September 5, 2000 | Commentary on National Security and Defense
Who could have predicted the first major disagreement of the post-convention presidential campaign would be a fight over those who fight? Yet that's what has happened, ever since Gov. George W. Bush recently described U.S. armed forces as "a military in decline."
Replied Vice President Al Gore: "Our military is the strongest and the best in the entire world." They can't both be right.
Or can they? Yes, the U.S. military stands head and shoulders above any other armed force, and we should take great pride in the dedication and professionalism of our soldiers.
But that doesn't mean our troops are prepared to fulfill the national security requirements of the world's lone superpower. U.S. military policy states the United States must be able to fight two regional wars almost at the same time.
Yet top-ranked officials in three of the four branches say it can't be done. Indeed, former NATO Commander Gen. George Joulwan (in an assessment shared by retired Marine Gen. Anthony Zinni) recently told FOX News that the United States would find it very difficult to fight another Desert Storm today.
Why? Because outdated and overused equipment, frequent deployments and recruitment problems have damaged the modern and ready military inherited by the Clinton administration in 1993.
Over seven years of mismanagement have resulted in a tired and run- down force. Consider the equipment problems plaguing today's force. Many weapons systems are aging faster than they're being replaced, when they're replaced at all.
"One of the most serious issues the Army faces is aging equipment," according to Gen. John Coburn, Commander, U.S. Army Materiel Command. Army officials have no plans to replace its aging Apache helicopters. They'll have to coax more life out of the current crop, which will reach an average age of 21 years over the next decade. The same holds true for its tanks and other fighting vehicles.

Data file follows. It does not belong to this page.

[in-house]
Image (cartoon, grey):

The Air Force is no better off. According to Jacques Gansler, Undersecretary of Defense for Acquisition and Technology, the average age of today's Air Force fighters is about 20 years, even though they "were designed for a 15-year life." This creates a vicious cycle: Older planes require more maintenance and more spare parts, which the Air Force doesn't have.
Department of Defense spokesman Kenneth Bacon recently told reporters the Air Force is being forced to "cannibalize" good aircraft to get the needed parts.
The Clinton administration has also neglected research and development, a crucial area for any cutting-edge fighting force. The research and development budget has been scaled back more than 23 percent since the late 1980s.
At this pace, R&D will have dropped an additional 9 percent by 2005, for a total drop of almost one-third since 1987. This has resulted in a military technologically similar to the force we fielded a decade ago.
Worse, America's military is being used more often now than during the Cold War, despite being about 40 percent smaller. The pace of deployments has increased sixteenfold since 1991.
By 1999, the Clinton administration had deployed forces 48 times on peacekeeping and combat missions. Between 1945 and 1990, the military was deployed overseas 50 times. Since 1990, it's been deployed 60 times.
Of course, more operations mean longer deployments, which has led to personnel problems. The Army and the Air Force fell short of their 1999 recruiting goals by 6,300 and 1,700 recruits, respectively. The Navy met its 1999 goals, but only after changing its standards to make up for the nearly 7,000 sailors it fell short of in 1998.
It has become difficult for the military to keep the people it has. In 1999, for example, the Air Force missed its retention goals in all enlisted categories, losing 5,000 enlistees.
Even the Marines, who usually attract prospective recruits with ease, are beginning to have retention problems. Throughout the first part of 2000, they lost people at a rate 10 percent higher than expected.
This should surprise no one, since the Marines have been falling about $1.5 billion short in modernization funds every year. Their air fleet, for example, is getting very long in the tooth. Recently, the Marines had to ground 413 planes-a clear sign of readiness troubles.
Nearly a decade after the Cold War ended, the U.S. military is in a situation like the one it found itself in 1980, with dips in funding, morale and readiness.
America's military prowess can be restored. But that requires a willingness to admit there's a problem. As long as Gore's cheerful assessment goes unchecked, that won't happen.
Jack Spencer is a policy analyst in defense and national security at The Heritage Foundation. A longer version of this article originally appeared in the New York Post.
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